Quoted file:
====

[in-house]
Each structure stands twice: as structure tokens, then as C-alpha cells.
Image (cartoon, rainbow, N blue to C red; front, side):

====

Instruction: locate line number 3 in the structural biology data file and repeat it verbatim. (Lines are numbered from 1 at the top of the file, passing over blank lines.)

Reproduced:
Image (cartoon, rainbow, N blue to C red; front, side):